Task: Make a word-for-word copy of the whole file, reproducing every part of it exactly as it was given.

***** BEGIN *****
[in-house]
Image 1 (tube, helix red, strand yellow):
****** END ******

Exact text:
[in-house]
Image 1 (tube, helix red, strand yellow):